Steven M. Presley, a professor of immunotoxicology in The Institute of Environmental and Human Health at Texas Tech University, focuses on the risks and threats associated with biological pathogens with the goal of developing and fielding preventative measures against vector-borne infectious and zoonotic diseases.
Zika virus, primarily transmitted by mosquitoes, was first discovered in Uganda in 1947. For decades, it was known as a short-lived, relatively mild illness with no long-lasting effects. That all changed in September when Brazilian doctors noticed a 1,400 percent spike in congenital brain deformities in a part of Brazil that experienced a Zika outbreak months earlier.
In early February, Dallas health officials reported a man infected a partner during sex. Brazilian scientists then announced they had found live strains of the virus in the urine and saliva of infected individuals. In response, the Centers for Disease Control and Prevention put its emergency operations center on the highest level of activation to respond to an outbreak.
Steven M. Presley, a professor of immunotoxicology in The Institute of Environmental and Human Health at Texas Tech University, focuses on the risks and threats associated with biological pathogens with the goal of developing and fielding preventative measures against vector-borne infectious and zoonotic diseases. He runs a lab within the institute that collects and studies mosquitos for West Nile virus, St. Louis encephalitis virus and Chikungunya. Presley earned his bachelor's degree in animal science with a master's and doctorate in medical/veterinary entomology. He also is the chairman of the publications committee and on the science and technology committee of the American Mosquito Control Association, and serves as the regional director of the south central U.S. for the Society for Vector Ecology.
Steven M. Presley, professor, The Institute of Environmental and Human Health, (806) 885-0236 or firstname.lastname@example.org
- Unlike with West Nile virus, which requires an animal (bird) host to amplify the virus between mosquitoes and humans, Zika virus can amplify in humans. This makes the transmission cycle much faster.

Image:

- Only one in five people infected with Zika virus shows symptoms. Because those are similar to the symptoms of influenza, many people who show symptoms are never properly diagnosed, which makes the disease difficult to track.
- The mosquitoes that transmit Zika are Aedes aegypti and Aedes albopictus. They are day-biting, human-loving and have biologies and behaviors different from many of the species that vector West Nile virus and St. Louis encephalitis virus.
- Little is known about Zika, especially the full spectrum of the mosquito transmission and hosts dynamics.
- Mosquitoes from the Lubbock area will be screened for Zika virus as Aedes aegypti and Aedes albopictus activity increases.
- Mosquito treatment spraying often occurs overnight when other species are active. Cooler overnight air allows the spray to settle into the grass, and warmer air in the daytime carries spray away, making it ineffective at treating for Aedes mosquitoes.
- “Because there's not an intermediate amplifying host and only one in five people are symptomatic with Zika virus, the transmission cycle is sped up and amplifying hosts may not be recognized. You have these amplifying hosts out there promulgating the virus and mosquitoes are feeding and biting somebody else without you ever knowing it's occurring in the area.”
- “Probably the fetuses and newborns with microcephaly are the most tragic outcome of the disease, but they're finding more and more information on neurological involvement in Brazil in adults and not just infants.”
- “Whether Zika virus has shifted or drifted in its antigenic properties, we really don't know with the current outbreak that's going on. There's something that's caused it to be much more widespread, whether it's increased mosquito numbers, environmental factors that may influence more mosquitoes being infected with it or more mosquitoes in an area.”
- “We could potentially have a person who is asymptomatic but infective, circulating enough virus that mosquitoes could pick it up. We're a university town. We've got a lot of people coming and going from foreign places where they might become infected and bring the virus back. It's going to require a lot of vigilance this coming spring and summer.”
- “Aedes aegypti and albopictus are container breeders: Vases at cemeteries, toys in the backyard, garbage – a Styrofoam coffee cup thrown in the alley. Just a little bit of water can produce a lot of those mosquitoes, while the typical West Nile and St. Louis encephalitis vectors are pond, puddle, standing water, established water breeders.”